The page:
But there will be losers. And he did not communicate what the alternative would be. He will have to explain why he has decided that individual projects are unviable. That is when the lawyers will step in. Gove needs to find some better advisers, and fast, or listen more carefully to what his departmental officials tell him. When you're in a hole, stop digging.

Chris Smith is a former lobby correspondent.

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Boots sells lots of products used inappropriately – the morning after pill isn't one of them

The aisles are filled with items to “fix” women's bodies, but somehow preventing pregnancy is irresponsible.

As a teenager in the early Nineties, I had a favourite food: Boots Shapers Meal Replacement Chocolate Bars. There was a plain milk version, one with hazelnuts, plus one with muesli which somehow seemed healthier. I alternated which one I’d have, but I’d eat one every day. And that was all I’d eat.

Because the packet said “meal”, I told myself it was fine. Why bother drawing fine distinctions between the thing in itself and the thing in itself’s replacement? Boots sold other such dietary substitutes – Slimfast, Crunch ‘n’ Slim – but the chocolate bars were my go-to lunchtime option. I was severely underweight and didn’t menstruate until I was in my twenties, but hey, I was eating meals, wasn’t I? Or things that stood in for them. Same difference, right?

I don’t blame Boots the chemist for my anorexia. The diet foods and pills they sold – and continue to sell – were not, they would no doubt argue, aimed at women like me. Nonetheless, we bought them, just as we bought laxatives, high-fibre drinks, detox solutions, anti-cellulite gels, bathroom scales, razor blades, self-hatred measured by the Advantage Point. Boots don’t say – in public at least – that their most loyal customer is the fucked-up, self-harming woman. Still, I can’t help thinking that without her they’d be screwed.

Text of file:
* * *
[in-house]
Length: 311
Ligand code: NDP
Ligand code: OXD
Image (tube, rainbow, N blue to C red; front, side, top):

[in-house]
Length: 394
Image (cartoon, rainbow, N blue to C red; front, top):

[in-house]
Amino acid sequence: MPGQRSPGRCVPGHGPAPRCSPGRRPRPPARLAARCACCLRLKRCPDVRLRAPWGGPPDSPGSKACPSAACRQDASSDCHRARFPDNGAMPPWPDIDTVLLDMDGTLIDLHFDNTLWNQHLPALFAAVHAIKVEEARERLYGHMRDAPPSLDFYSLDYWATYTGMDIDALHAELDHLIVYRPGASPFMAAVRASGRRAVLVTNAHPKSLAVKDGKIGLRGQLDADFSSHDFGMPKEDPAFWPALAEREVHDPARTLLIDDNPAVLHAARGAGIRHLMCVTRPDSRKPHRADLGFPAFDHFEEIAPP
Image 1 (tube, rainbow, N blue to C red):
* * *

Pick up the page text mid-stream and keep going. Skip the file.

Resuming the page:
Whenever I enter a branch of Boots (and I’m less inclined to than ever right now), I’m always struck by how many products there are for women, how few for men. One might justifiably assume that only women’s bodies are in need of starving, scrubbing, waxing, moisturising, masking with perfume, slathering in serum, primer, foundation, powder, the works. Men’s bodies are fine as they are, thank you. It’s the women who need fixing.

Or, as the company might argue, it’s simply that women are their main target market. It’s hardly their fault if women just so happen to be more insecure about their bodies than men. How can it be irresponsible to respond to that need, if it helps these women to feel good? How can it be wrong to tell a woman that a face cream – a fucking face cream – will roll back the years? It’s what she wants, isn’t it?